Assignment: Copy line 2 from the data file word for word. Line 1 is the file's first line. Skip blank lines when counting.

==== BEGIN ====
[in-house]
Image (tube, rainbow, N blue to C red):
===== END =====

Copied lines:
Image (tube, rainbow, N blue to C red):